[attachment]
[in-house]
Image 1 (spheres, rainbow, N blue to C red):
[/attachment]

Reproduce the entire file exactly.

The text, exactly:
[in-house]
Image 1 (spheres, rainbow, N blue to C red):